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I often hear that scala has a ability to pass function as a parameter to another function. I would like to know the difference between passing a value as a parameter vs passing function itself as the parameter. How the latter approach brings advantage to the programming. If functions are passed as the parameter how the object references are being created since functions are not tied to any objects.

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3 Answers 3

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Have you ever used the visitor or strategy patterns, factories or dependency injections? Have you ever passed or asked for an object of type Runnable or Comparator? All these things are ad hoc hacks around missing ability to pass functions.

In the visitor pattern, instead of having accept receive an interface for a visitor, you take a function Element => Unit instead (for the void-returning case). The general concept of visitor is known as catamorphism, of which all sorts of mappings and folds are special cases of.

In the strategy pattern, the strategy interface is just a function. In the wiki example, replace the interface with (Int, Int) => Int.

In the factory method pattern, the whole factory class is a function. In the wiki encapsulation example, ImageReaderFactory is just a (InputStream) => ImageReader function.

A Runnable is just a function () => Unit. A Comparator is just a function (A, A) => Int. I could go on and on and on with this, but suffice to say this: you have been passing functions as arguments all this time, just the hard way.

As to your last question, I do not understand very well what you mean. A function, in Scala, is an object implementing the FunctionN interface, where N represents the arity. Of course, non-object oriented languages are not bound to represent functions as objects. In fact, even object oriented languages are not bound to that -- an int in Java is not an object, so why should a function?

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Lazy Evaluation

The advantage is the ability to perform Lazy Evaluation of the expression that is being passed in. Instead of having to calculate the real value of x at the time the expression is passed in. It can create a thunk which defers execution until its absolutely needed.

Why is this useful? One instance is that you can define an infinite list of numbers given an expression.

An example (Haskell)

let fibs = map fst $ iterate(\(a,b) -> (b,a+b)) (1,2)

In this case the value fibs is given an expression which is composed of multiple functions, in this case map fst iterate (and an anonymous expression or lambda).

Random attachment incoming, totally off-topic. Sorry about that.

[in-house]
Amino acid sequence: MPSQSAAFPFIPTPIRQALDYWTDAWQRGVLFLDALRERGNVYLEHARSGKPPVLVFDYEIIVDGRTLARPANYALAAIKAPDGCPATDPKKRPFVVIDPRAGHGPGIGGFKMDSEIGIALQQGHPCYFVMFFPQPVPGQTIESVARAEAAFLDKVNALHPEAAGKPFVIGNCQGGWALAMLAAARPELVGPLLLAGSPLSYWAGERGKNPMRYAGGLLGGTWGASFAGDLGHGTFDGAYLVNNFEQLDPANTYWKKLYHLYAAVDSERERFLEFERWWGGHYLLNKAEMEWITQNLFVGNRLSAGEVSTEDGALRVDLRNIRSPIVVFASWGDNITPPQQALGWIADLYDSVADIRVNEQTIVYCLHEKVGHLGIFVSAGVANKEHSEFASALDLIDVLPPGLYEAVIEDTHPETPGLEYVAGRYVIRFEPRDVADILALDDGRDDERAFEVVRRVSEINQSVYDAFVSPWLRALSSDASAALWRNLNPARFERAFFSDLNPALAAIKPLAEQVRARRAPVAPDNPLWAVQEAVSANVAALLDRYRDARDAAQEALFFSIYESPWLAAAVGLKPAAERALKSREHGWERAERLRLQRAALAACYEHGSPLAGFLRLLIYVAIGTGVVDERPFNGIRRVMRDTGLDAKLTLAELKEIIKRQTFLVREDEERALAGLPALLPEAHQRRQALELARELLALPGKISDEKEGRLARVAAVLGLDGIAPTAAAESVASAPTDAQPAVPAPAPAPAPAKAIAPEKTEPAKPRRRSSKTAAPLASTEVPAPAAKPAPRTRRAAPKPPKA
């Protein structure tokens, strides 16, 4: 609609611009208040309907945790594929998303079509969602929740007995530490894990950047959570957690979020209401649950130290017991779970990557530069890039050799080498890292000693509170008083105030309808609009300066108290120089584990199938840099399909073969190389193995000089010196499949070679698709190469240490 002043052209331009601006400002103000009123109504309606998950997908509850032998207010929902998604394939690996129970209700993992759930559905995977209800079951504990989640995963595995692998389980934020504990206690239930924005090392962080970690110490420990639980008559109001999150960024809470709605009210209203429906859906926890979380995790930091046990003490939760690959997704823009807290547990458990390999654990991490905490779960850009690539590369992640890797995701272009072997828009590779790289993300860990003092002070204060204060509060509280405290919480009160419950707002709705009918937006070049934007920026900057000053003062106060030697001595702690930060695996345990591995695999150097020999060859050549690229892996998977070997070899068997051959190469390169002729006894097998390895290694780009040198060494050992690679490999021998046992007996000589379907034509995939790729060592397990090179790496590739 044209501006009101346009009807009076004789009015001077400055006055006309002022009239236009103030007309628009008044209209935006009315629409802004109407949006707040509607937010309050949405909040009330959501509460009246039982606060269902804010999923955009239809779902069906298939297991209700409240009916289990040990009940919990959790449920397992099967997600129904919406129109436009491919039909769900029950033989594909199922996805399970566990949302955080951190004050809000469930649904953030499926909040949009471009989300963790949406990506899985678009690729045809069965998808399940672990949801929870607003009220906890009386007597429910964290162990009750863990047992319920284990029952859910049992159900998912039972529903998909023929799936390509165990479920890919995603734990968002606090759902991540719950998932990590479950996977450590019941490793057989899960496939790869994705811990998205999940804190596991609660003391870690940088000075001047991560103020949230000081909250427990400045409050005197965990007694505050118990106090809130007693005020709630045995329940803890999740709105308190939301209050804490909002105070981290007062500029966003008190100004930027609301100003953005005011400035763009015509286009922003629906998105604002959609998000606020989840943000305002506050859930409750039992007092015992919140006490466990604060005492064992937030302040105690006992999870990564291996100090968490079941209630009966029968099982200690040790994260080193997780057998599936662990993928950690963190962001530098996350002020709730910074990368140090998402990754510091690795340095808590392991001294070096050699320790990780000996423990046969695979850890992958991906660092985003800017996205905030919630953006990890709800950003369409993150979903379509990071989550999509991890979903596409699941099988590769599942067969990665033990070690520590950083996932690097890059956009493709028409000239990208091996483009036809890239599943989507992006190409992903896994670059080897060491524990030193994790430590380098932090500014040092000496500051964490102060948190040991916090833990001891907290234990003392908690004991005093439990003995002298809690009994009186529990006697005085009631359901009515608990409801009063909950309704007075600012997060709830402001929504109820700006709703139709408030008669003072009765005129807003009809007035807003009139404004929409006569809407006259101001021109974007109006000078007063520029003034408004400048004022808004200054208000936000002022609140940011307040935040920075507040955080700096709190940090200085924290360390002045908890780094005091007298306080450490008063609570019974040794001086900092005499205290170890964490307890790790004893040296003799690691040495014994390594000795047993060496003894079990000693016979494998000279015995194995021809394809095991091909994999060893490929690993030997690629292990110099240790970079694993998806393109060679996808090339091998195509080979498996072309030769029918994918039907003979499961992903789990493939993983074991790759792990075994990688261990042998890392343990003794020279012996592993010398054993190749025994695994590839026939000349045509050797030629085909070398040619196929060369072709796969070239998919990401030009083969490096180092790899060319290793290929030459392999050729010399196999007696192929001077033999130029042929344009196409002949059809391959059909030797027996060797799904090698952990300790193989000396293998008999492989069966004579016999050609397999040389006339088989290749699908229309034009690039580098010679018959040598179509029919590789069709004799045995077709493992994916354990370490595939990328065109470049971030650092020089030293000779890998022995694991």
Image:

If fibs was to evaluate immediately it would cause a stack overflow as it would instantly try to calculate an infinite fibonacci sequence. If i were to call

let fibSum = sum fibs

Then that's what would actually happen as sum will immediately try to attempt to evaluate fibs and cause a stack overflow.

However if I were to use fibs with another expression

let fibsEvenSum = sum(takeWhile(< 4000000) (filter even fibs))

This sum will still cause fibs to evaluate, however takewhile will cause the evaluation to end when the list reaches 4 million.

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Functions as parameters are useful in many many many ways. Consider Java's Listener/Adapter pattern and general situations where callbacks are needed (event-based APIs). In Java, to have the GUI do something on mouse click or key press you will need to implement whole appropriate Listener interface (or extend Adapter class). Contrast this with just passing a function object to be executed on mouse click (you can see this in C# with its event system). It is much simpler.

There are also many situations where you would want to have a certain algorithm, where a part of it is customizable by using a passed-in function. E.g.

  • A family of functions "notAny", "every", "any", "notEvery" which all take a function parameter and a collection parameter and return true if
    [function returns false for all coll. elem.]
    [function returns true for all coll. elem.]
    [function returns true for any coll. elem.]
    [function return false for any coll. elem]
    respectively
  • A comparator which compares results of a function upon collection elements, e.g.
    new FuncComparator(Person.getName) would enable you to sort a collection of persons by their name property
  • functions like "map", "filter", "groupBy", which take a function parameter and a collection(s) and produce a new collection. Transformation of old into new collection uses the parameter function somehow. E.g:
    groupBy could take a function and a collection and return a map of lists where lists contain elements of the original collection for which the parameter function returns the same value and this value is the map key.

These are just a few cases where a general algorithm of "go over collection and do X" is greatly improved by functions as first-class objects, because it allows the X to be user-specified through the function parameter. This is not all however... there are more complex uses of functions as parameters (first-class functions), many involving functions which generate functions. You should look at Clojure programming language for examples of these uses.

Edit: I don't know the exact implementation details but generally the implementation uses a class or and interface instance to represent the function in JVM. This class has a priviledged method that gets called when function object is invoked. This plumbing is made by Scala compiler.

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